San Diego Street Gang Members Charged with Racketeering Conspiracy, Firearms Offenses, and Drug-Trafficking Violations

SAN DIEGO – A federal grand jury in San Diego has handed up 14 indictments and the U.S. Attorney’s Office for the Southern District of California has filed two criminal complaints charging a total of 36 defendants with a federal racketeering conspiracy, firearm offenses and drug trafficking violations, U.S. Attorney Karen P. Hewitt announced today.

The charges stem from a year-long investigation entitled “Operation Keys to the City” conducted by the multi-agency San Diego Violent Crimes Task Force-Gang Group, which targeted the criminal activities of the Mexican Mafia (or “La Eme”), Hispanic street gangs with ties to the Mexican Mafia and the Mexico-based Arellano-Felix drug trafficking organization.

The complaint charges 13 individuals with participating in a Racketeering Influenced and Corrupt Organization (RICO) conspiracy. As set forth in the complaint, the defendants engaged in multiple racketeering acts in furtherance of the Mexican Mafia criminal enterprise, including among other things, attempted murder, kidnapping, blankault, extortion, conspiracy to distribute controlled substances and the distribution of coatiolled substances.

The RICO conspiracy complaint also sets forth how the Mexican Mafia criminal organization exerted control over illegal activities within the California prison system and on the streets of Southern California through a hierarchical structure led by Mexican Mafia members. According to the complaint, members delegate authority to Mexican Mafia blankociates to control specific areas both inside prisons and on the streets. This delegation of authority is referred to as giving “the keys” to the individual. In the prisons, Mexican Mafia members and blankociates control criminal activities in specific prison yards or an entire prison through acts of violence and threats.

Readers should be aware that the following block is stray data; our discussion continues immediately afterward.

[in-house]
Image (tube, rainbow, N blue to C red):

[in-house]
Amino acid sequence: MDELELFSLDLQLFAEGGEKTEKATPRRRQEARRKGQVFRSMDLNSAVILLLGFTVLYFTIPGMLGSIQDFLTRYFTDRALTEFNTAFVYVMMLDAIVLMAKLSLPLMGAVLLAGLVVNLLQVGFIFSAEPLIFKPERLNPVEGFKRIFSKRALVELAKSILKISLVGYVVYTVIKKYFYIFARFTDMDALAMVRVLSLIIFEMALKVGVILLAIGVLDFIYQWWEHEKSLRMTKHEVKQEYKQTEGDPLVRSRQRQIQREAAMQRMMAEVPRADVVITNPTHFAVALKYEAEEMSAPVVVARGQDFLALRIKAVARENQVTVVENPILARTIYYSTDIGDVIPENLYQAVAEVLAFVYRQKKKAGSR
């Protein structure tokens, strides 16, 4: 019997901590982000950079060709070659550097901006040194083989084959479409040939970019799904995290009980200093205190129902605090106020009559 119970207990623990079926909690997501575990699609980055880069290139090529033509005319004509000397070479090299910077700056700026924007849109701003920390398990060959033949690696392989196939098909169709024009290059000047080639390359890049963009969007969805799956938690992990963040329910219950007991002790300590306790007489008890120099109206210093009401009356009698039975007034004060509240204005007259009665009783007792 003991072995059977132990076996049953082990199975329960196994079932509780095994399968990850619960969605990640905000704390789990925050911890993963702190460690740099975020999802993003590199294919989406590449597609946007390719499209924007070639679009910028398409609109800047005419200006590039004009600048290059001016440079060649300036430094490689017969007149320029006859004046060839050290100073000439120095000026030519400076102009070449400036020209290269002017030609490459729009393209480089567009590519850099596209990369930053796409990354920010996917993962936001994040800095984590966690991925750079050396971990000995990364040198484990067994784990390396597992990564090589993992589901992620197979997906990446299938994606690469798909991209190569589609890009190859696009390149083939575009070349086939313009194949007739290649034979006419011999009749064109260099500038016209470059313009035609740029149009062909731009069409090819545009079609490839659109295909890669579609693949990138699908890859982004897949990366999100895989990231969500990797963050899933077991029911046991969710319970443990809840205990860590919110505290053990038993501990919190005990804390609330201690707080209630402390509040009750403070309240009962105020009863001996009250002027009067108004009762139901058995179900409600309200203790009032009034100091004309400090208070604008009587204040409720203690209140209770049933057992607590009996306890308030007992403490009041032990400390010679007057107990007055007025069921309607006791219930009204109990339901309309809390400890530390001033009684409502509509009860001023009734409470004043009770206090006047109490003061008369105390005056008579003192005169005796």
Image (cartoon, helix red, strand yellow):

Likewise, the Mexican Mafia seeks to control criminal activity in San Diego neighborhoods and in communities throughout California through similar means. For example, according to the complaint, on one such occasion a Mexican Mafia member and his blankociates became involved in the collection of an outstanding drug debt for two Mexican nationals. The two Mexican nationals specifically sought the blankistance of the Mexican Mafia. The group invaded the victim’s home armed with handguns and threatened to shoot the victim if payment was not forthcoming. The group then took four vehicles, approximately $2,000 in cash, and other personal items from the victim and victim’s family. Finally, the group told the victim that if law enforcement were notified, the group would ki*l the victim and the victim’s family.

As alleged in the complaint, such transnational criminal activity was only part of an overall effort by Mexican Mafia members and blankociates to forge greater ties to Mexican organized crime groups such as the Arellano-Felix organization. The Mexican Mafia and the Arellano-Felix organization work together in international drug-trafficking operations as well as the commission of acts of violence, such as kidnapping and attempted murder, both in San Diego and Mexico.